While the Federal Reserve Act was subsequently amended in 1933, 1935, and 1942, the provisions of the Act with respect to open market operations are essentially the same as those considered in the Raichle case, except that the open market operations are now directed by the Federal Open Market Committee.

Section 2282 of Title 28 U.S. Code provides that "An * * * injunction restraining the enforcement, operation or execution of any Act of Congress for repugnance to the Constitution of the United States shall not be granted by any district court or judge thereof unless the application therefor is heard and determined by a district court of three judges under section 2284 of this title". It is well settled, however, that a single judge, in ruling on a motion to dismiss, may in the first instance determine whether the court has jurisdiction and whether a substantial federal question is presented. California Water Service Co. v. Redding, 1938, 304 U.S. 252, 58 S. Ct. 865, 82 L. Ed. 1323; Wicks v. Southern Pacific Co., 9 Cir. 1956, 231 F.2d 130, cert. den. Wicks v. Brotherhood of Maintenance, 351 U.S. 946, 76 S. Ct. 845, 100 L. Ed. 1471; Eastern States Petroleum Corporation v. Rogers, 1959, 105 U.S.App.D.C. 219, 265 F.2d 593, mandamus denied, 361 U.S. 805, 80 S. Ct. 93, 4 L. Ed. 2d 56.

It is defendants' first contention that plaintiff has no standing to challenge the constitutionality of the powers of the Federal Open Market Committee, in that he has no legally cognizable right to a given monetary policy to be followed by the federal government nor to any policy of buying and selling securities.

In Massachusetts v. Mellon, 1923, 262 U.S. 447, 488, 43 S. Ct. 597, 601, 67 L. Ed. 1078, the Court recognized that it had no power per se to review and annul acts of Congress on the ground that they are unconstitutional; that the question of constitutionality may be considered only "when the justification for *881 some direct injury suffered or threatened, presenting a justiciable issue, is made to rest upon such an act". To invoke the judicial power to challenge acts and powers on the ground that a statute is unconstitutional, the "party who invokes the power must be able to show, not only that the statute is invalid, but that he has sustained or is immediately in danger of sustaining some direct injury as the result of its enforcement, and not merely that he suffers in some indefinite way in common with people generally". In that case it was held that a taxpayer had no standing to challenge the constitutionality of a statute which would result in increased taxes, the Court saying in part:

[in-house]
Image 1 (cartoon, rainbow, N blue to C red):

"If one taxpayer may champion and litigate such a cause, then every other taxpayer may do the same, not only in respect of the statute here under review, but also in respect of every other appropriation act and statute whose administration requires the outlay of public money, and whose validity may be questioned. The bare suggestion of such a result, with its attendant inconveniences, goes far to sustain the conclusion which we have reached, that a suit of this character cannot be maintained."

In Tennessee Electric Power Co. v. T. V. A., 1939, 306 U.S. 118, 59 S. Ct. 366, 83 L. Ed. 543, the Court held that private power companies had no standing to challenge the constitutionality of the Tennessee Valley Authority, saying in part: